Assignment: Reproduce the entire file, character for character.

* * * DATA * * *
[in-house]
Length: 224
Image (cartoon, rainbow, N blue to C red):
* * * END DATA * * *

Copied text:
[in-house]
Length: 224
Image (cartoon, rainbow, N blue to C red):